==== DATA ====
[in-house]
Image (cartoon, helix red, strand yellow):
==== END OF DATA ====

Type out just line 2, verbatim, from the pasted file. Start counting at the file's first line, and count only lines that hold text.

Image (cartoon, helix red, strand yellow):